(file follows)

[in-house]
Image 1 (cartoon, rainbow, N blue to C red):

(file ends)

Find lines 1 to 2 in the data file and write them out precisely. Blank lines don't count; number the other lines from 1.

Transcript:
[in-house]
Image 1 (cartoon, rainbow, N blue to C red):